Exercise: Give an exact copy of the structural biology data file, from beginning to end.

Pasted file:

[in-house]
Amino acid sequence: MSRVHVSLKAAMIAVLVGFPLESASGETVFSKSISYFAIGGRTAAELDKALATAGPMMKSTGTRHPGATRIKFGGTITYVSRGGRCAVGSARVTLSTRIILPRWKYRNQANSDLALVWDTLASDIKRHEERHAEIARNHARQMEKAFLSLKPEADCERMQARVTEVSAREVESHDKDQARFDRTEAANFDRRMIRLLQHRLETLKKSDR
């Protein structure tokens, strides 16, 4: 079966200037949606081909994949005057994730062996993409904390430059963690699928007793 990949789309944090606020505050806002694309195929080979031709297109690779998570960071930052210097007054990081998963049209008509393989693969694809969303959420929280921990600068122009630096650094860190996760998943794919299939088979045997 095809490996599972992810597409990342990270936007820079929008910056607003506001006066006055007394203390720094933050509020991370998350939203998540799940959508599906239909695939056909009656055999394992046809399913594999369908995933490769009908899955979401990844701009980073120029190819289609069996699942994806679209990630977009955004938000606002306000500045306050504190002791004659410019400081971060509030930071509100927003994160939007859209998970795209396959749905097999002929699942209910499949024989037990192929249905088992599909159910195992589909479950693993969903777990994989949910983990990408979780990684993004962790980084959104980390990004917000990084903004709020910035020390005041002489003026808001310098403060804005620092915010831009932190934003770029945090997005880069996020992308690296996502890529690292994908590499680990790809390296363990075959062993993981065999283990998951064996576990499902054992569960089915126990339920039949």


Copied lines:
[in-house]
Amino acid sequence: MSRVHVSLKAAMIAVLVGFPLESASGETVFSKSISYFAIGGRTAAELDKALATAGPMMKSTGTRHPGATRIKFGGTITYVSRGGRCAVGSARVTLSTRIILPRWKYRNQANSDLALVWDTLASDIKRHEERHAEIARNHARQMEKAFLSLKPEADCERMQARVTEVSAREVESHDKDQARFDRTEAANFDRRMIRLLQHRLETLKKSDR
């Protein structure tokens, strides 16, 4: 079966200037949606081909994949005057994730062996993409904390430059963690699928007793 990949789309944090606020505050806002694309195929080979031709297109690779998570960071930052210097007054990081998963049209008509393989693969694809969303959420929280921990600068122009630096650094860190996760998943794919299939088979045997 095809490996599972992810597409990342990270936007820079929008910056607003506001006066006055007394203390720094933050509020991370998350939203998540799940959508599906239909695939056909009656055999394992046809399913594999369908995933490769009908899955979401990844701009980073120029190819289609069996699942994806679209990630977009955004938000606002306000500045306050504190002791004659410019400081971060509030930071509100927003994160939007859209998970795209396959749905097999002929699942209910499949024989037990192929249905088992599909159910195992589909479950693993969903777990994989949910983990990408979780990684993004962790980084959104980390990004917000990084903004709020910035020390005041002489003026808001310098403060804005620092915010831009932190934003770029945090997005880069996020992308690296996502890529690292994908590499680990790809390296363990075959062993993981065999283990998951064996576990499902054992569960089915126990339920039949």